Question: My father executed a Power of Attorney and named me as the Agent. I was recently told by his bank that they would not accept my Power of Attorney, what are my options?
Answer: A Durable Power of Attorney is an integral part of any estate plan. A validly executed Power of Attorney will allow you, the Principal, to designate an Agent to act on your behalf and virtually step into your shoes with respect to all of your business and financial matters. The purpose of a Durable Power of Attorney is to have one comprehensive document that will allow an agent to transact business on all accounts regardless of the financial institution. Where an individual becomes incapacitated without having these documents in place, the family may find themselves petitioning the Guardianship Court in order to have the authority to do the very same thing that a valid and comprehensive Power of Attorney can provide.
Recently we have noticed a trend at some financial institutions where they have refused to honor a validly executed Durable Power of Attorney. They insist that an institution specific form be signed by the account owner in front of a notary. In some cases, this may be impossible as the account owner has become incapacitated. This could force an individual, who had the appropriate documents in place, to now be the subject of a Guardianship proceeding. In fact, on May 6, 2016 the New York Times published an article, “Finding Out Your Power of Attorney Is Powerless”, by Paula Span.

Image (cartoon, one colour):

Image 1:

What can you do in order to ensure your agent has access to your financial accounts in the event you become incapacitated? One good option would be to go to each one of your financial institutions and request their specific power of attorney form. As part of your estate planning, you could fill out and sign each of the financial institution specific forms along with the Durable Power of Attorney. Additionally you would want to make sure your agent has the contact information for the attorney that prepared the Durable Power of Attorney. In some cases, the agent will be able to contact the drafting attorney and receive assistance or guidance in getting the financial institution to accept the Durable Power of Attorney.
Regardless of your situation, having a comprehensive Durable Power of Attorney executed is invaluable to your estate plan. In order to make sure you or your family members are covered in the event of incapacity, you should consult an elder law specialist in your area.